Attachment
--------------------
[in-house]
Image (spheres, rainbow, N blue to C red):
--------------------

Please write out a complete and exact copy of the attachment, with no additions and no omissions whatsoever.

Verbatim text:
[in-house]
Image (spheres, rainbow, N blue to C red):